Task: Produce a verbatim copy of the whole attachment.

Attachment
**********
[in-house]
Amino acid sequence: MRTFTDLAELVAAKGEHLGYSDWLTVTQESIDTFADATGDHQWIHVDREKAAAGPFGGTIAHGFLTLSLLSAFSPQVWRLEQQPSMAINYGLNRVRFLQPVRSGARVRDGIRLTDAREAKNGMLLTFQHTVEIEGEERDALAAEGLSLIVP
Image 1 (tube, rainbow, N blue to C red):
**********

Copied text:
[in-house]
Amino acid sequence: MRTFTDLAELVAAKGEHLGYSDWLTVTQESIDTFADATGDHQWIHVDREKAAAGPFGGTIAHGFLTLSLLSAFSPQVWRLEQQPSMAINYGLNRVRFLQPVRSGARVRDGIRLTDAREAKNGMLLTFQHTVEIEGEERDALAAEGLSLIVP
Image 1 (tube, rainbow, N blue to C red):